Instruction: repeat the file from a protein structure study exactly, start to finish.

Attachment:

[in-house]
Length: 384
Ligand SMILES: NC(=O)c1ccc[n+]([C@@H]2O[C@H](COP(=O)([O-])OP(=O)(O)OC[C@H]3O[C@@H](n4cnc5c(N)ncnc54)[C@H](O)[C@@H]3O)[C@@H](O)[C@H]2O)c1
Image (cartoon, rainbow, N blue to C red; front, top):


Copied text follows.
[in-house]
Length: 384
Ligand SMILES: NC(=O)c1ccc[n+]([C@@H]2O[C@H](COP(=O)([O-])OP(=O)(O)OC[C@H]3O[C@@H](n4cnc5c(N)ncnc54)[C@H](O)[C@@H]3O)[C@@H](O)[C@H]2O)c1
Image (cartoon, rainbow, N blue to C red; front, top):